Q2455  Lord Maxton: What about delivery? They will not deliver a free one?

  Mr Myners: I think the costs of delivery are high. The national minimum wage and its applicability to young workers has made the morning newspaper round, which I suspect many of us did before we went to school, a less effective way of distributing product than was previously the case.

  Q2456  Chairman: But there is no question, is there, that regional newspapers, particularly in the cities, I think, are under probably more pressure now than they have ever been?

  Mr Myners: I agree with that, as a consequence of a number of factors: a change in reading habits, which are in turn a consequence of a change in lifestyle, and the emergence of new media: local radio, local television, the net. This is an industry which is under a considerable amount of pressure for change. Strong groups will thrive in that environment; others will not. So in the regional sector we will, for instance, see continuing pressure for consolidation of ownership in order to secure scale of benefits.

  Q2457  Chairman: Does that also mean that it has an impact on your views on local radio, commercial radio, and that you would like to see the regulations surrounding radio rather less strict than they are at the moment?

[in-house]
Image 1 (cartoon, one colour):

Mr Myners: Yes, I think the regulation has been crafted in a context of there being much clearer separation between different forms of delivery. We are now talking about media organisations offering contact with their readership and their listeners through multiple means, and, of course, we have seen the emergence in the media space of large and significant organisations like Google, Yahoo, eBay, which could never have been contemplated when Parliament drafted its current legislation that leads us to looking at local monopolies in a particular way. I think the reality of the industry and its low profitability does have significant consequences, and we have to contemplate what regulatory responses are appropriate in terms of how we define what is embraced within media regulation and, indeed, as far as national titles are concerned, what might motivate people to wish to buy a national title if it did not make economic sense in itself?